It’s very strange how things can feel so familiar even though you never have actually been to the spot you are at. I kept reminding myself I had been here before. It felt so familiar with the tiny houses along the narrow road, rows of densely packed cedar trees, and a road with enough turns to make a spring jealous. Even though I had left about 3AM it was getting around the time I should be stationed for the sunrise. Things seemed to be going great and my wrong turn earlier onto a different road that shouldn’t have taken me where I wanted did not reverberate in my mind. Suddenly I came upon a mining area with an assortment of shadowy buildings and the road came to an abrupt halt at a large rail road crossing like gate. “What!? This can’t be right. There was a gate last time but it wasn’t closed,” I said out loud to the dark morning air as I stepped out of the car. I got out to do a little investigation and walked a bit around trying to see where I was. Some darkly lit roads, sheds, and some random cars were scattered about. It all seemed somewhat right. Perhaps my mind was playing tricks and I just needed to open the gate or something. But surely if I was going to a park area on the mountain top it wouldn’t be closed off. Right? I mean, RIGHT?
My stress began to grow as I was now confronted with a closed gate, blocking my path to the sunrise spot, and I had come a pretty long way up the mountain wasting precious time. I decided to investigate the gate house and see if there was someway to raise the gate. On the side of the building I found an electrical box that said 手開ける and 自動開く(Manual and Automatic Operation) with a dial you could turn to the appropriate setting. There was also a button to activate the gate. I looked at the controls for a moment wondering the consequences of pressing the button. Would it actually open the gate or would an alarm go off because I hadn’t properly used the controls, alerting nearby people of my presence. That didn’t seem so terrible as I could play off any wrong doing by being confused, lost and a foreigner. Maybe people just had to open the gate this early in the morning to get through on certain days. But the more I stood there in the blinding headlights of my Honda Fit the crazier of an idea it seemed. So I went ahead and switched it to manual mode and pressed the button upon which a loud wailing alarm wen… Well that’s the story you wish I had to tell isn’t it? I got you, didn’t I? Sadly for you I just had to scurry back down the mountain and retrace my route in time to find the real way.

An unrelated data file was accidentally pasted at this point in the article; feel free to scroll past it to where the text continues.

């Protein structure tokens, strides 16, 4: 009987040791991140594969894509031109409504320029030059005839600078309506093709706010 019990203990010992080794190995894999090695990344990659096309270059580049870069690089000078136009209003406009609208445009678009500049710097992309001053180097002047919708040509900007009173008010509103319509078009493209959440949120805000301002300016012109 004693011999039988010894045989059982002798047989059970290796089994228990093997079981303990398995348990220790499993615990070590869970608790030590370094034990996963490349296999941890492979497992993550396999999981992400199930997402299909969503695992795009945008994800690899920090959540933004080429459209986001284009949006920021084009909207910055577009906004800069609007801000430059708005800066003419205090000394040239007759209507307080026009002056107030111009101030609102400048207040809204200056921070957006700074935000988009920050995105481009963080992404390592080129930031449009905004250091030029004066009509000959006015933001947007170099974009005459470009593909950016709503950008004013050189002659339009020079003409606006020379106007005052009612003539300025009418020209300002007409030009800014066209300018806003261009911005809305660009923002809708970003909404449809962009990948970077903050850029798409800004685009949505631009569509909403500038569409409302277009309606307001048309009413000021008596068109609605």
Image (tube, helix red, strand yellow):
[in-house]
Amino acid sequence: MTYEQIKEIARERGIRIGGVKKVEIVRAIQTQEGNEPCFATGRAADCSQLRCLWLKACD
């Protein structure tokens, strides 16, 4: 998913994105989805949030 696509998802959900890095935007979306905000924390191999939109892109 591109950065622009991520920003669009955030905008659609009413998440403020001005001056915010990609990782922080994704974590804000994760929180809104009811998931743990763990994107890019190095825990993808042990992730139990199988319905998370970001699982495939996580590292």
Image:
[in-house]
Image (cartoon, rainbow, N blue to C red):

As I was barreling back down the mountain road and onto a main route I barely spotted a sign out of the corner of my eye. I slammed to stop in the middle of the road and backed up. What do you know? It was for 鳥形山公園 (Torigata Mountain Park) whereas the previous sign had said 鳥形鉱山業 (Torigata Mining Industry). I thought the first sign I saw that morning was a bit strange that it didn’t say park on it. Now I learned my lesson. Trust my Japanese reading instincts. Well I take that back because I did that and failed. So after seeing this sign I peel onto the road and jam up the mountain once again. I then realized I had found the route I intended to drive down from the top after the sunrise. I eventually got up higher on the mountain and came to some familiar locations. The mining area I thought I remembered was much different. There was no gate blocking the road and many less buildings. So much for my pristine memory. We can all be fooled by our memories. Scary isn’t it? I blazed through the remaining sections of road and came to the Torigata park at last just as the sky was starting to gain some color. I setup my gear and began to shoot the sunrise. With a bit of cloud cover in the distance and in the lower valleys, the color was wonderful.
Any lack of sleep or tiredness was beyond being discussed. The sunrise filled me with new inspiration for the day. I was going to need it as that waterfall was a good 100 kilometers away and I had only 2 ½ hours of sleep at max. It was only 5:50AM and the rest of the day lie in wait.http://www.flickriver/photos/buenokid )